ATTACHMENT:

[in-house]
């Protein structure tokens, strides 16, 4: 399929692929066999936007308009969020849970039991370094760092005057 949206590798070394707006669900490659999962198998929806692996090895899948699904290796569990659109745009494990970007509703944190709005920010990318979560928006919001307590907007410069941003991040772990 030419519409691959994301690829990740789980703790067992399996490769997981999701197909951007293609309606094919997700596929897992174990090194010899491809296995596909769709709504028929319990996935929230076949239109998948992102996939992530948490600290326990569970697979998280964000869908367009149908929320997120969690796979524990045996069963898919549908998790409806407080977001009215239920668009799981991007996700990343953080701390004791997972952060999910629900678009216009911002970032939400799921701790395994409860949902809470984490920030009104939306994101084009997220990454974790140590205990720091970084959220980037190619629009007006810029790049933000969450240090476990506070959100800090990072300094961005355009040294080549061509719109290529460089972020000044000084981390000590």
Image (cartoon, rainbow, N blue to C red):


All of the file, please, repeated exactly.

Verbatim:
[in-house]
């Protein structure tokens, strides 16, 4: 399929692929066999936007308009969020849970039991370094760092005057 949206590798070394707006669900490659999962198998929806692996090895899948699904290796569990659109745009494990970007509703944190709005920010990318979560928006919001307590907007410069941003991040772990 030419519409691959994301690829990740789980703790067992399996490769997981999701197909951007293609309606094919997700596929897992174990090194010899491809296995596909769709709504028929319990996935929230076949239109998948992102996939992530948490600290326990569970697979998280964000869908367009149908929320997120969690796979524990045996069963898919549908998790409806407080977001009215239920668009799981991007996700990343953080701390004791997972952060999910629900678009216009911002970032939400799921701790395994409860949902809470984490920030009104939306994101084009997220990454974790140590205990720091970084959220980037190619629009007006810029790049933000969450240090476990506070959100800090990072300094961005355009040294080549061509719109290529460089972020000044000084981390000590």
Image (cartoon, rainbow, N blue to C red):